With the increased appreciation of the need for adequate plumbing equipment has come an increase in the variety of styles and types of fixtures available. This has had the unfortunate effect of confusing the public. The impression prevails that a tub is a tub, no matter what the price or by whom installed. The mystery surrounding plumbing has been still further deepened by lack of salesmanship on the part of some general contractors who have given prospective builders the impression that building a home is a complicated operation which no one but an expert can understand.
The truth is that the building of a house need not be a complicated matter and should cause no regret to the owner either in the process of construction or during the years that it is lived in, providing the owner chooses his materials and fixtures carefully and wisely, heeds the advice of experts, and deals only with responsible and established builders.
This advice applies with especial force to the man and woman who are selecting the plumbing fixtures for a home. Could the millions of Americans who in years past have built homes stand before a microphone and give their advice to the prospective builder, it would be unanimously "Buy good plumbing fixtures."
This is the consensus of opinion on plumbing fixtures for three reasons. In the first place, there is a direct relation between plumbing fixtures and health; in the second place, inferior plumbing fixtures are not durable and hence most expensive over a period of years, and last, the good fixture is built for a lifetime of service and retains its beauty and luster indefinitely.
1 Adapted from "Building for Health," American Home, February, 1929.
The relation between plumbing and health has been recognized by over 800 cities and 15 states which have enacted laws and ordinances regulating the manner in which plumbing fixtures shall be installed. Unfortunately, not all of these are enforced. However, the home-owner who deals with a master plumber of established reputation will be safe whether there is a city ordinance or not.
The typical sanitary ordinance outlines the methods by which connections must be made, specifies the installation of waste lines, gives definite rulings on the installation of traps and vents, and indicates how fixtures should be installed.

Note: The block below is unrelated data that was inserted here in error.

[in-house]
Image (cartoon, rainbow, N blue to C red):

Thus a sanitary code protects the home-owner against himself as well as against an irresponsible plumber. By specifying the number and manner in which traps and vents shall be connected, the home is protected against sewer gas and against contamination of the water supply.
In this manner, forward-looking cities have done everything in their power to guarantee to home-owners the full benefits from their plumbing equipment and have endeavored to assure them of the minimum cost of upkeep. Unfortunately, cities cannot regulate the quality of fixtures that shall be installed. This is still left to the judgment of the individual building his home. The result is that many who find that the cost of a home is going to exceed their original estimate seek a place to cut costs and often buy plumbing fixtures of inferior quality under the delusion that it is economy.
In plumbing fixtures as in other things, the purchaser gets what he pays for. Cheap plumbing fixtures do not have good enamel. The fixture proper is also of a much cheaper and thinner material. If the purchaser were to compare this cheaper grade of fixture with one of quality, he would soon see the difference in the appearance. These fixtures do not have the snow-white finish that the quality fixture has. They are of a yellow shade with a poor grade of enamel that in time turns to a darker yellow, chips easily and eventually becomes porous. When the enamel surface is in this condition, it is very hard to clean and catches the filth from the waste water, making it an ideal breeding place for dangerous germs. Quality fixtures have a grade of enamel which retains its snow-white finish. They are very easy to clean. These quality fixtures can be purchased with an acid-resisting finish which will not become marred by the acids contained in fruits, vegetables, and medicines.